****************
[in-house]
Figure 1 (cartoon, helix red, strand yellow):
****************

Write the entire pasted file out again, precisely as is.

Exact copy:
[in-house]
Figure 1 (cartoon, helix red, strand yellow):